Community practice

Dr. Sullivan may have been educated overseas, but returning to practice in Canada was always her end goal

It’s mid-morning and Dr. Erin Sullivan is sipping on a warm drink at Dr. Java’s on 15th Street East in Prince Albert, Saskatchewan.

It is one of Sulivan’s favourite places to unwind after pulling a long shift at the Victoria Union Hospital in Prince Albert. Dr. Sullivan savours these moments because they don’t seem to come often enough as she is one of the many family doctors meeting the health care needs of the Prince Albert Parkland Health Region’s growing population.

“Last night was really busy. I came off a shift where we had a number of expecting moms coming in to deliver their babies. Almost all of them had different health care needs. It was really busy, but that is something you can expect when you practice medicine here in Prince Albert. In one year alone I think the health region had 1,600 deliveries, but I wouldn’t want it any other way.”

Sullivan, a University of Saskatchewan (U of S) Enhanced Surgical Skills (ESS) Resident, lives in Prince Albert and loves the diversity of the medical practice in that city and the experience she gains in that setting. Originally from Entwistle, Alberta, she followed her grandfather’s footsteps and decided to go into medicine, and although nursing was her first career choice, becoming a doctor was always her long term plan. That was when Sullivan decided to complete her medical degree overseas and return home to Canada to start her professional career.

“My grandfather was originally a family physician in Devon, Alberta and then went on to become a cardiologist and professor emeritus at the University of Alberta (Edmonton). Medicine was obviously a big part of his life and our family life and so I became a nurse and worked as a nurse for a while and then, sticking with my long term plan, I eventually decided to take the plunge and go into medicine.”

A lot of what appeals to Sullivan about Prince Albert are the number of professional opportunities that she feels may not be available anywhere else. Even though communities like Prince Albert are smaller than Saskatoon or Regina, the health care needs and challenges of the general population are both similar and diverse. Sullivan thinks one of the main differences is that you have more face time with the specialists already practising there, which presents a great learning opportunity.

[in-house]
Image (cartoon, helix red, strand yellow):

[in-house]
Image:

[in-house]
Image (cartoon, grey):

“Having to travel long distances to other centres to get certain procedures done makes it very difficult for the patient. Therefore, if places like Prince Albert can offer some of those procedures it not only benefits residents like me who want to enhance their skills a little bit, but it also makes it easier for those patients to not travel quite as far to get something done.”

Practicing medicine in Prince Albert and being close to professional colleagues is really appealing to Sullivan, but she freely admits getting used to moving back to Canada, let alone Prince Albert, was a bit of an adjustment for her after several years of studying medicine overseas.

“I enjoy my network of friends I’ve made, and the professional networks. I love the hospital and the people I work with. The only struggle for me was getting used to being in a prairie winter. I took my training overseas for 10 years and I had to get used to this all over again. In fact, on one really cold day I couldn’t find the cord to plug in my car so I was standing outside looking for it and I started feeling really weird and realized that this weird feeling was frostbite. It really struck me then that I had to become acclimatized to the cold weather all over again.”

Adding to the benefits of practicing medicine in Prince Albert is the Enhanced Surgical Skills (ESS) program which allows people like Sullivan to not only practice medicine, but learn more about atypical medical procedures.

“The ESS program in P.A. is, to my knowledge, the only program in Canada where residents can have their training pertinent to the community you’re planning to practice in and the skill set you need to have it done. The program works very hard to ensure the residents have the competencies to do things like C-sections, tubal ligations, higher risk deliveries, appendectomies, open hernias and so forth. I’ve had a lot of my colleagues across the country say ‘I am so jealous that you get training in that stuff and I’d love to do some of that, but just don’t have the opportunity here.’ So we are really lucky to have something like the ESS program.”

Like many other U of S medical residents now calling Saskatchewan home, she's is excited about what the future holds and loves the fact that many of her program colleagues are close by, and this really supports a peer network approach to delivering care.

“I have six family medicine residents in my year all practicing medicine here or close by: three in PA, one in Shellbrook doing locum, another in Melfort just opening her practice and another in Saskatoon. It’s nice to have the network of colleagues close by. It is great to be here.”

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